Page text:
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Restoring watersheds: Safeguarding fish and wildlife
Overview: Changes in temperature are occurring in Greater Yellowstone and are expected to accelerate in the coming century. Over the past two decades scientists have observed an increasingly diminished snowpack, rivers peaking earlier in the spring, more extreme and frequent wildfires, and shifts in vegetation as the climate has warmed. Perhaps most vulnerable to this warming trend are the region’s aquatic habitats and species.
The premise is that degraded, fragmented and highly stressed watersheds and native trout populations are more vulnerable to the effects of rapid climate change. For example, an overgrazed stream with little riparian vegetation to provide shade and wide, shallow sections will warm more quickly as temperatures increase, possibly pushing resident trout over their thermal threshold. Conversely, healthy, connected habitats and robust, well-distributed trout populations are much more likely to persist. Thus, efforts to restore degraded watersheds in conjunction with native trout conservation can be a promising adaptation strategy. In this sense, adaptation refers to actions designed to reduce the risk or vulnerability of natural systems to the impacts of climate change.
GYC has already begun tackling projects. One example is work to enhance riparian areas in the upper Madison River valley of Montana.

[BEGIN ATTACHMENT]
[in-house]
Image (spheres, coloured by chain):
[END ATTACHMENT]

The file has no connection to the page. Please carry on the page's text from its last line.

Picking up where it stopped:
An interactive web map has been developed to allow viewers to learn about and explore the projects outlined in the report. While the challenge is daunting, there are already many agencies, landowners, watershed groups and conservation organizations in the trenches doing meaningful work. We believe scaling up and accelerating our collective efforts can make a big difference for Yellowstone’s cherished rivers and native trout.
Our Mission: To help mitigate the effects of climate change on Greater Yellowstone wildlife by restoring and expanding habitat, and by ensuring migration and dispersal corridors from Greater Yellowstone to wild areas elsewhere — most notably central idaho and Montana's Glacier region.
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• A recent study indicates native cutthroat trout in the western U.S. could lose up to 58% of their suitable habitat by 2080 due to climate change and other factors.
View GYC’s new report, “Native Trout Conservation and Watershed Restoration: A response to Climate Change in the Greater Yellowstone Ecosystem.”
Download a printable synopsis of our work on climate change here.
View GYC’s interactive web map of watershed restoration and native trout conservation opportunities in Greater Yellowstone.